Brisbane high school threatens to suspend student for most bizarre reason.

The school threatened to suspend the student for wearing the wrong socks!

Kenmore State High School in Brisbane wants to punish one if its students after he failed to attend detention for breaching the uniform policy by wearing generic socks, The Courier Mail reported.

The student’s breach was wearing generic white socks instead of the school’s own branded socks.

The student’s mother, told reporters her son had worn the same type of generic white socks all year but it wasn’t until recently was sent a breach notice.

According to Kenmore State High School policy, parents of a student found in breach of uniform policy are sent a letter and the student is given lunch time detention for every day of breach.

If they fail to attend lunch time detention twice, as this student did, then they are given an after school detention and if they miss that then they risk suspension.

Sara was informed that if her son failed to attend his next detention on Friday then he would be suspended.

‘I have no issue with kids wearing school uniforms just the schools need to make up their minds and stick to their own policies and communicate that more effectively with parents,’ the mum said.

The mum claims her husband attended a recent P&C meeting where the quality of the socks were being taken into consideration and they were informed students wouldn’t receive detention if the did not have them.

Do you think this is being a bit too strict about uniform? Share your comments below


  • I agree with the article comment – if a school has rules it needs to follow them 100% and not just when it’s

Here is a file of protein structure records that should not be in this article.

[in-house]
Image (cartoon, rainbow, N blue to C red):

Convenient.

    Reply


  • Revenue raising and confidence diminshing right there

    Reply


  • oh please I’m sure the school has bigger fish to fry than socks

    Reply


  • Oh seriously, this is just ludicrous.

    Reply


  • This is ridiculous. The school socks can be quite expensive when you need at leat 5 pairs to wear in the one week. I think this is a ridiculous sanction and rule.

    Reply


  • One of my sons was always getting into trouble for wearing the wrong socks at a Brisbane public school. I didn’t think it was a big deal at the time and still don’t more than a decade ago really trivial nonsense. As long as they are neat and tidy who cars what socks they have on.

    Reply


  • I don’t think this is such a big deal. I discovered that a note from home was always your ‘get out of jail free’ card.

    Reply


  • I went to a private girl school and honestly, so ridiculous- we would get detention if we didn’t wear our school blazer out over our jumper. Get a grip!!

    Reply


  • If the socks are the correct colour and length, what is their problem? Does the school actually sell these socks? If so, are they upset that they are loosing out on extra money? I wonder what the education department in QLD thinks of this. The child’s education is way more important than what socks they are wearing.

    Reply


  • We just moved to Brisbane and I’ve noticed the school are very strict with their uniform policy up here indeed. It’s very much “old school”. I just wonder why the schools feel the need to do this.

    Reply


  • Yes too strict and why compromise a child’s education over a pair of socks!


    • I agree – keeping children included and engaged in school is a must.

    Reply


  • That is absolutely out there
    I can’t believe they would suspend a child for wearing the wrong socks. Totally different if it was bright colours or pictures but white socks

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  • I tend to think its a little over the top. Far too strict. A lot of families struggle to buy the correct uniforms required and I don’t think socks should be an issue. If they do not meet the uniform’s guidelines and they risk detention it should b looked at and made a tad moore lenient.

    Reply


  • you would need to find out more detail rather than jump to conclusions

    Reply


  • The sock thing seems crazy but the suspension is more about not complying with detention which I would think would be a standard process for not complying with any detention.

    Reply

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